Post Lot Text
A DOUBLE SIDED SIX PANEL LACQUERED SCREEN, UNIQUE PIECE
By Eileen Gray, circa 1912-1915
This screen is referenced under the number 7 in the catalogue raisonné established by Peter Adam in 1987. It's location was unknown till today. It is described as 'a large, important screen, 6 panels, brown lacquer with tan incisions, no visual documentation. Stock Jean Désert 1930'.
We know that Eileen Gray closed her gallery in 1930, which she opened in the Spring of 1922. She gathered all her friends and clients and organised a large sale of the stock. The screen reappeared on the Parisian market early 1970s.
The catalogue raisonné dates the screen from 1922-1925, but it seems in fact to have been realised earlier, around 1912-1915.
This screen shows two very important aspects of Eileen Gray's work : modernity that brought her to abstraction and her love for the colour blue.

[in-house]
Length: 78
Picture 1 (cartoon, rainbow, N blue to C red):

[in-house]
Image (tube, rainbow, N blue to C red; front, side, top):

Against the advice and opinion of all the other lacquers, she insisted in her search for that specific lacquer colour, supposed impossible to achieve. After many experiments, she was finally successfull, thanks to a 'new chemical substance'. She managed to produce the dark blue she was looking for and that she used again and again in her work. The blue lacquer here is mixed with 'sabi', a powder stone that Eileen Gray imported from Japan and with silver foils in order to get the sensitive surface effect.
If we compare the abstract side of the screen with other screens such as 'La Voie Lactée', 1912, or the back of 'Le Destin', 1913, we can see the same sense of abstraction, which is evident so early in her work. We can also see a link between her very sophisticated use of lacquer, her search for transparences, colours and surface effects, and her use of certain kind of wood or leathers. It is interesting to compare certain parts of the screen with Eileen Gray's use of scorched wood, such as in the chest of drawers exhibited at the 'Salon des Artistes décorateurs', 1922. She achieved a dialogue between the wood veines and the treatment of the screen surface ; these interactions between the different sides of her work show a great coherence in her research, which she kept during the different periods of her life